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Understanding the impact of particulate air pollution

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More than five percent of ‘deaths’ in England are attributable to long-term exposure to particulate air pollution, according to the latest data published in the Public Health Outcomes Framework (PHOF).

The precise estimate is that 5.3 percent of mortality can be attributed to long-term exposure to small particles polluting the air.

This estimate makes air pollution the largest environmental risk linked to deaths every year. The calculation is based on human-made particulate air pollution less than 2.5 microns in size called PM2.5.

While this is the fourth year of data, it is too early to read a trend because individual years are likely to fluctuate due to changes in weather conditions.

This is why we continue to use the estimates we made last year in our report: Estimating Local Mortality Burdens Associated with Particulate Air Pollution. As you will see, we estimated that long-term exposure to particulate air pollution has ‘an effect equivalent to’ around 25,000 deaths a year in England.

It is important to understand that long-term exposure to air pollution is not thought to be the sole cause of deaths. Rather, it is considered to be a contributory factor, probably to many more than 25,000 deaths.

For example, given that much of the impact that air pollution has on mortality is linked with cardiovascular deaths, it is considered that it makes a contribution to some, or perhaps even all, cardiovascular deaths.

While air pollution is generally considered a contributory factor to mortality, there is evidence that outdoor air pollution causes lung cancer. Diesel engine exhaust, outdoor air pollution and particulate matter have all been classified by the World Health Organization as carcinogenic to humans.

Air pollution affects our daily quality of life as it can exacerbate lung conditions such as Chronic Obstructive Pulmonary Disease (COPD) and asthma. People with COPD have difficulties breathing, primarily due to the narrowing of their airways. Additionally, air pollution can reduce lung development in children, which may increase symptoms in children who develop conditions such as asthma.

Sources of air pollution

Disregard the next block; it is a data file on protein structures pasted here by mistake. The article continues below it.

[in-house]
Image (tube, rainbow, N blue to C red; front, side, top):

Back in the Nineties it was felt that air pollution was no longer a major health issue in the United Kingdom. After all, legislation had made the great smogs of the Fifties a thing of the past.

But evidence started to emerge that small particles emitted to the air from various sources, such as road transport, industry, agriculture and domestic fires, were still having a considerable effect on health. This type of air pollution is so small that it can’t be seen by the naked eye, but can get into our respiratory system. Other air pollutants, such as the gases nitrogen dioxide and ozone, can also affect our health. Nitrogen dioxide is produced by burning fuel, whilst ozone is formed by chemical reactions in the air.

Comparing risk factors
Long-term exposure (over several years) to particulate air pollution affects deaths from the same sorts of diseases as smoking.

But some deaths are largely caused by smoking or there is at least a close link to it. The same is true of alcohol. The table below shows estimates of yearly mortality in England and the number of deaths for which the risk factor is the main cause of death.


There is also evidence that some deaths are brought forward by short-term exposure (over hours or days) to air pollutants such as particulate matter, nitrogen dioxide and ozone, although the numbers are estimated to be lower than for long-term exposure. Episodes of poor air quality can also make the symptoms of heart and lung conditions worse.

We have been working with Defra to help disseminate health advice when there are high pollution episodes in the UK, which typically last no more than a few days. This advice typically informs vulnerable groups when to reduce strenuous physical activity outdoors, and advises people with asthma to have their medication to hand. You can monitor daily air pollution levels online here:

Action on air pollution
National and local government can help reduce air pollution by promoting a shift from cars to walking and cycling. In addition, they can promote an integrated public transport system, which would help reduce congestion, and introduce Low Emissions Zones as well as parking restrictions.

Businesses also have an important role to play by introducing incentives for staff to walk or cycle to work, take up car sharing or work from home.

But we can all do our bit to improve air quality. For example, by walking or cycling to work and school we can improve our health through exercise, limit air pollution and reduce carbon dioxide emissions which are responsible for climate change.

Everyone will need to do their bit if we are to significantly improve air quality. But while the impact of the individual household or business may be small, the combined impact of actions taken by national and local government, large and small businesses and individuals could be great.

Image: John Davey

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